Glycolipid depletion in antimicrobial therapy.
Svensson M., Frendeus B., Butters T., Platt F., Dwek R., Svanborg C.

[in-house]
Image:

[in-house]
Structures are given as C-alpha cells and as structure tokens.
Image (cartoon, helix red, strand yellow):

Mucosal pathogens target sites of infection through specific adherence to host glycoconjugate receptors. As a consequence, depletion of such receptors from the cell surface may be expected to inhibit attachment, impair bacterial colonization and reduce the activation of mucosal inflammation. We have used the glucose analogue and glycosphingolipid (GSL) biosynthesis inhibitor N-butyldeoxynojirimycin (NB-DNJ) to deplete human uroepithelial cells and the murine urinary tract mucosa of receptors for P-fimbriated Escherichia coli. NB-DNJ blocks the ceramide-specific glucosyltransferase, which catalyses the formation of glucosyl ceramide (GlcCer), the precursor for GSLs. The inhibitor was shown to decrease the GSL content in a dose-dependent way, and depletion markedly inhibited P-fimbriated bacterial attachment in vitro. NB-DNJ-fed C3H/HeN mice were depleted of GSLs in vivo and showed reduced susceptibility to experimental urinary tract infection with P-fimbriated E. coli. The mucosal inflammatory response was impaired, as shown by reduced chemokine secretion and lower neutrophil recruitment, and the bacteria colonized the urinary tract less efficiently than in normal mice. These results confirmed the role of P fimbriae-mediated adherence for colonization and inflammation and point to an interesting alternative to antibiotic treatment for urinary tract infection.